A bidirectional approach to lay definitions vs. theories of successful aging: The Manitoba Follow-up Study
Audrey U. Swift, Robert B. Tate
Background: In light of evidence from previous work, we identified the overlaps and gaps between six prominent theoretical frameworks of successful aging and lay conceptualizations of the same. It has formerly been suggested that considering complex phenomena from the bottom up and from the top down allows one to get to the root of an issue that warrants inquiry; namely the discrepancy between researcher-generated theories and lay conceptualizations of successful aging.
Methods: In the present study we approached this issue from the bottom up and top down, using the saturated Manitoba Follow-up Study coding system (the ‘MFUS-SA-CM v.1’) as a template.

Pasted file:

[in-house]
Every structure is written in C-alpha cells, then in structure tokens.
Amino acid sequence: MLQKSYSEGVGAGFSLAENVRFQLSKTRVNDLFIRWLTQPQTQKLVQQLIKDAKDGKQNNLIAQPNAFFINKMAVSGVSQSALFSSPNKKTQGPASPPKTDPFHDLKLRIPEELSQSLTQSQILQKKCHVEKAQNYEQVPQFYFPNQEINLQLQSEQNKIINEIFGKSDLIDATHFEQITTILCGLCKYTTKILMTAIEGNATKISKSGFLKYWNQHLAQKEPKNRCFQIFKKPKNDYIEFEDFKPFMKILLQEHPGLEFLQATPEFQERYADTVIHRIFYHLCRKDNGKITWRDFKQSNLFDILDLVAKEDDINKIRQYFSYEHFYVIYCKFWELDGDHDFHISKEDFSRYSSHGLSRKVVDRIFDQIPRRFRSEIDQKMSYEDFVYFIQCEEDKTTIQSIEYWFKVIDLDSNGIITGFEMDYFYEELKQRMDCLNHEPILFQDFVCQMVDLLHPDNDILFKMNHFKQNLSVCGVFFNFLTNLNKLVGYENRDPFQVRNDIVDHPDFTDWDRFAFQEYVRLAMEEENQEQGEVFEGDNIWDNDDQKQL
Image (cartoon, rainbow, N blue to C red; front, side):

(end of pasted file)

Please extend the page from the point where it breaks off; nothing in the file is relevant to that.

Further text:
Results: The overlaps we found depicted aspects of successful aging that were well represented by theories in the field. The gaps highlighted aspects of successful aging that were underrepresented by the theories. The gaps were particularly important, since they flagged theoretical areas that could be expanded upon via lay conceptualizations.
Conclusions: By broadening the existing theoretical ‘take’ on successful aging to include aspects of lay definitions that have thus far been downplayed, we aim to provide the research community with a much-needed tool with which to consistently inform their successful aging research.
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